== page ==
The Battle of Bannockburn is a famous Scottish victory in the first Scottish War of Independence. Equally as momentous is the Battle of Bere Bannock at the Westray Industrial Show. Here, every year, Islanders vie for prizes with their produce, compete with their cakes and tussle over their tatties. Who will bake the best bere bannock this year?
Here’s an impeccable competition cabbage from 2010:
Here’s the famous recipe for Fattie Cutties, a personal favourite, from 2013:
The 2016 show was a big success, with immaculate vegetables, belly-achingly funny children’s crafts and competitive baking of Orkney favourites like drop scones and bere bannocks:
This year, it’s just as good as ever and the tables are groaning with Island goodies.
Firstly there are the plants and flowers, with this table centrepiece by Ena Fegus rightly winning first prize. She also won second prize and there were no other entrants. You can only beat the competitors who enter though, and both were worthy winners.
I love this succulent, it’s a Crassula morganianum, known as a Donkey’s Tail. Crassulas are fascinating because they take in carbon dioxide at night and store it and then close up their pores during the day so they don’t lose water. It’s called crassulacean acid metabolism, but you didn’t really want to know that, did you?
It doesn’t like winter temperatures below 13 degrees Celsius, so Kathleen Drever must have a nice warm place for it to live.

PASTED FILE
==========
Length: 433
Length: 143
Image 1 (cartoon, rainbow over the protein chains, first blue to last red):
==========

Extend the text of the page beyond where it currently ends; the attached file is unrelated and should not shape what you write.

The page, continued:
Then I move past the baking:
Fabulous, isn’t it?
I walk along the tables of preserves to see what categories there are and who’s won. I’m interested in jams and preserves. I love making chutneys, and my mum’s just made damson jam which I’m currently enjoying for breakfast. It appears that the first prize for ‘Any other preserve’ goes to Christine Sandison.
Moving down, the first prize for red tomato chutney goes to… Christine Sandison:
And then the first prize for beetroot chutney goes to Christine Sandison:
And then the first prize for apricot jam goes to Christine Sandison:
I can see a pattern here. The table is loaded with jars from many different people.
Then the first prize for marmalade goes to Christine Sandison:
And finally, what’s this? Surely not? Third prize for rhubarb jam goes to Christine Sandison:
What a blot on Christine’s perfect record.
All the flour bannocks and bere bannocks look wonderful. I’m hungry just looking at them. It’s great to have such a culture of home baking on the island and such depth of great home cooks.
I see that the first prize for flour bannocks has been awarded to Christine Sandison.
This doesn’t look anything like a currant bun to me, but it looks delicious anyway:
These shortbreads look cooked to perfection. In fact they look incredibly professional. I like how crisp a break they make. My favourites, fattie cutties, are here as well. Lovely.
Then there’s just time for a look at the vegetables. There are perfect cabbages, neat onions in a couple of size categories, healthy parsley and symmetrical carrots:
Bryan Beechey’s potatoes are so perfect they’ve got a ‘best exhibit – vegetables’ special prize as well. There’s prize money for each of the winners.
The children’s crafts always raise a smile:
I’ve paid my entrance money and bought some raffle tickets and now it’s time for the afternoon tea. There are tables groaning with delicious fresh sandwich rolls of all types, trays of traybakes and fancies and endless mugs of tea and coffee. It’s a great treat, especially since the Westray Regatta was cancelled this year. Everyone wants to make this event extra special.
I’m chatting to the person next to me. “Are you going to the prize giving?” I ask. “Oh yes, have you won a prize?” What’s your name?”
“Christine Sandison”, she says.